by Rev. Garrett Andrew
I had to wake Langston one recent morning. Time has not yet changed and it is dark in the morning, really dark. He looked outside and told me, “Dad it isn’t morning yet, it’s still dark outside.” Sometimes we have to get up too early, sometimes the light isn’t out, soon time would change. I explained those things to him as I was trying to get ready, and soon we were all in the car headed to school.
Well the nice thing about getting up before the sun gets up is the sunrises. I am not sure I will ever be a morning person, but there is something about watching the sun rise, the black skies turn grey, then purple, then shades of orange, red, and blue. We were driving and the clouds were high up and catching the sun’s rays and playing with them as only clouds can do. Reflecting the light this way and that way the clouds became bright oranges shaded by purple hues. Langston from the back seat said, “Do you see that dad?”
Not knowing where he was looking I could not be sure what he meant, “See what Langston?”
“Do you see the clouds, they’re beautiful!” What made me excited was that I was looking at them too, I am proud of that boy for being able to see the beautiful and be thankful. I do not know if he knew he was being thankful or not, that probably comes with age, but he was. To take a moment to notice something in the midst of the rest of the world I think that is gratitude. To choose to discover something worth rejoicing about even as we are headed to school and waking up too early, that is gratitude.
I enjoy having children the ages that mine are. They see things with childish eyes. There is so much to discover, so much joy to be had, so many brilliant things to see I pass right over. Sometimes they want to show me something and I do not feel like I have the time. Sometimes I am simply trying to do something else. Some other times a spark of wisdom ignites within me and I go to check it out. I go to see the toad, or grasshopper, or the new toy, or the fort they built, and they are so glad that I am with them and I am glad too. I am grateful that in the midst of all the busyness that I chose to take a moment and be glad.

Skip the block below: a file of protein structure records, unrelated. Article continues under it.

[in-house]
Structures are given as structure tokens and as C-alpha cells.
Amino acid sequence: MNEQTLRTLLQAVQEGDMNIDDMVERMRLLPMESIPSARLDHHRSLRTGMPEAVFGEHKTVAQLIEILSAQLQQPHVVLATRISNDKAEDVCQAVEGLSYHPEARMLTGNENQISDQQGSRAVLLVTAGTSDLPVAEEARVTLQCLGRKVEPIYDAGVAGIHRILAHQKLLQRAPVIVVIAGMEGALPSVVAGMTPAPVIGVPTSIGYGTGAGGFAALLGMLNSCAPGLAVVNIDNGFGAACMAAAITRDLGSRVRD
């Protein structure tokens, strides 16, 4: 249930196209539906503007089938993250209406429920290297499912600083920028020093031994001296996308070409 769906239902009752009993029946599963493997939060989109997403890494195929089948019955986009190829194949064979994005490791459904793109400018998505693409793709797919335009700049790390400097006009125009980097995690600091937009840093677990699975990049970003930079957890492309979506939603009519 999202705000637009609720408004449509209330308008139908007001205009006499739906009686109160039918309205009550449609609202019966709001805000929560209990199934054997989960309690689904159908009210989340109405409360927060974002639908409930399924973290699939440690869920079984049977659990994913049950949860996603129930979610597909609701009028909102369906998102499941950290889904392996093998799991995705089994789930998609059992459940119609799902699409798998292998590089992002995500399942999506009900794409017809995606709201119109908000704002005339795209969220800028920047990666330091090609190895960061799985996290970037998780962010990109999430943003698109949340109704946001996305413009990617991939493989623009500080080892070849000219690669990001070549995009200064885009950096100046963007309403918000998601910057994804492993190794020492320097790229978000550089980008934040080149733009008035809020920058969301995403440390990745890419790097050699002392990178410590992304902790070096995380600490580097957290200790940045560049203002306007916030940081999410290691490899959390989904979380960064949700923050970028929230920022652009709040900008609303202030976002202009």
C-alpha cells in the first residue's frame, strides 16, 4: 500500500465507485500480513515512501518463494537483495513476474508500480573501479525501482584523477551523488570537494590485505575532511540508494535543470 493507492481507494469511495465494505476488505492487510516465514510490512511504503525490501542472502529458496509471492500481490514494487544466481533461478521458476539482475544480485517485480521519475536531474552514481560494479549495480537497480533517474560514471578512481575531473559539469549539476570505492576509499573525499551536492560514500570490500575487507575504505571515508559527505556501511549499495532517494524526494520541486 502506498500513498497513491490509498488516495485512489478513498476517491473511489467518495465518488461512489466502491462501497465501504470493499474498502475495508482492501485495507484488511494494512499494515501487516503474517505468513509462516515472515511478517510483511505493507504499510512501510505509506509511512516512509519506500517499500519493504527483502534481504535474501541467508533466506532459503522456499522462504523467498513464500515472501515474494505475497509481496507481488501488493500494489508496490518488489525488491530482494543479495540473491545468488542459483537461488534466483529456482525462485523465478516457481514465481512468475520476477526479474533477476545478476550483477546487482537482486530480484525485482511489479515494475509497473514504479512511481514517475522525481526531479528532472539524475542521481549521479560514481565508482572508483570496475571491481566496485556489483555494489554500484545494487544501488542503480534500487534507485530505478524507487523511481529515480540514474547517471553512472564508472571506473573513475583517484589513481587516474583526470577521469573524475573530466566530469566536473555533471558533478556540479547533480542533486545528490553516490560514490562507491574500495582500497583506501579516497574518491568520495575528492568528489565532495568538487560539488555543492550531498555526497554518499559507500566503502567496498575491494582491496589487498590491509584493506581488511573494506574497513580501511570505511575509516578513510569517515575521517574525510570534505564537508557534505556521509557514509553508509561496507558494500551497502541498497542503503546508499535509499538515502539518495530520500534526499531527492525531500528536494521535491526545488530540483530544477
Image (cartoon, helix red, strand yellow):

In my line of work I sit with people who are near death more often than many people I bet. People have told me their regrets and their celebrations, and after nearly 8 years of hearing those final moment confessions I know something that I imagine must simply be true. No one has ever told me they wished they worked more. No one has ever said, “You know what preacher, if only I spent more time in the office.” I have heard a lot of people say, “I regret not spending more time with my children.” I hear several people say, “I wish I spent more time traveling.” People look back on their lives and they regret not having fun, nor taking moments to be filled with gratitude, nor being thankful that in this world full of mess and muck and mire there is also beauty and joy and grace.
Here we are at Thanksgiving and I suppose we have a choice. “Rejoice in the Lord always,” Paul once wrote. He wrote that in prison, when the people reading it must have been, “Really Paul? You must be crazy.” In case someone thought that he said, “Again I say rejoice!” As I have studied that passage I have come to think that he did not write it with a smile and laughter, but maybe instead with a deep seeded gratitude. We have a God who defeats death, and who looks at what is possible and says, “I dabble in the impossible.” Paul had lived long enough to know these things, and so he chose to live with gratitude despite living in a world with chains keeping him locked up. And you know what? It made all the difference. God is good, and through God’s grace maybe we can choose gratitude too.